11.8.1942: Some crew re-boarded the vessel to gather supplies before the submarine recommenced to shell and sink her with another torpedo. Of the lifeboats No.4, was rescued after 7 days by the Norwegian TAMERLANE (6,778g./36); No.1, after 8 days by the Panamanian steamer ROSEMOUNT (4,956g./38); No.2, after 35 days by the Portuguese steamer LUSO (6,207g./12). No.3, was rescued, after 36 days, by the British steamer REEDPOOL (4,838g./24).

20.9.1942: REEDPOOL was herself sunk by the German submarine U 515 in a position 08.58N., 57.34W., 150 miles north of Georgetown, British Guyana. Her crew of 34, plus the 16 from MEDON, took to the one remaining lifeboat being rescued next day by the British schooner MILLIE M. MASHER.

Hugh Ferguson
19th September 2009, 13:35
Hello Hugh,
That seems incredible to me. Depending on how many were in the boat they must have been getting short of rations and water and to think of continuing is unthinkable.
As you know I had five days in a boat and I will never forget the sight of constantly seeing sharks and barracuda.That should have been uppermost in the minds of the survivors of Medon when they had the chance of rescue.
Regards
Stan

Yes, Stan, I agree it does seem incredible that such a course would even have been given a second thought, but I can assure you that, whether jokingly or not, Freddie Fuller (2nd mate) frequently made mention of it during the four or five months I spent at Outward Bound, Aberdovey where he was Principal. It is possible that he was the only one who harboured such a thought, and no other, not surprisingly, shared it. He was no doubt very pleased with the way they had come through those 35 days-there were just sixteen in the boat, they had had plenty of rain to refill the barricoes and they had just, for the second time, reduced rations to last a further fifty days! When rescued by the Reedpool he found that they were only seven miles from where his calculations had placed them-his was the only boat to have had one of the Medon's chronometers on board. Freddie also had a rifle and on the 31st day he managed to shoot a fish but the sharks got to it first, and shooting one of them only brought others which persuaded him to give up on shooting something to augment the rations.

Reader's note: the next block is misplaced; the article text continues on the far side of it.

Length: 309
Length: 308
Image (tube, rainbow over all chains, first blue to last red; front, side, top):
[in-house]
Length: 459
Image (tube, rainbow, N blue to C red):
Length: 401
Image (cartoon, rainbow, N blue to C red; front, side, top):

The success of Blue Funnel people making long boat voyages has been noted by me in another thread in which mention was made of Blue Funnel loss of life during the war being virtually a half of the 17.5% loss of life rate for the M.N. as a whole.

makko
19th September 2009, 14:44
PATROCLUS (3) (1923 - 1940) Sarpedon class steel steamship.

9.1939: Hired by The Admiralty and converted into an Armed Merchant Cruiser.

1.1940: Renamed HMS PATROCLUS.

3.11.1940: Whilst picking up survivors from the British CASANARE (5,326g./24), which had been torpedoed by the German submarine U 99 off the Bloody Foreland, N.W. Ireland was damaged with a torpedo by U 99.

4.11.1940: Sank with the loss of 76 lives.
Thanks BillH.
I am always asking my father to send me a copy of a photo from when he was but a boy. In the picture are my grandfather, grandmother, aunt and father. My father must be 4 yrs old. He is wearing my grandfather's matelot cape on which can be seen the cape band "Patroclus". It was always a bit of a mystery why it was RN style unril I read up on her history! My grandfather was bombed at Crete and captured, being sent to Milag Nord where he spent the rest of the war.
Regards,
Dave

Pat Kennedy
19th September 2009, 18:22
PATROCLUS (3) (1923 - 1940) Sarpedon class steel steamship.
O.N. 147218. 11,314g. 6,910n. 498.8 x 62.3 x 36.4 feet.
Two Brown Curtis type steam turbines (engine set No. 591), made by the shipbuilder reduction geared to twin propeller shafts. 7,500 SHP. 15 kts.
14.1.1922: Keel laid by Scotts' Shipbuilding & Engineering Company Ltd., Greenock (Yard No. 518), for the China Mutual Steam Navigation Company Ltd.

1.3.1922: Contract announced.

17.3.1923: Launched by Mrs Laurence Durning Holt..

30.5.1923: Trials.

11.6.1923: Completed at a cost of 446,430.

9.1939: Hired by The Admiralty and converted into an Armed Merchant Cruiser.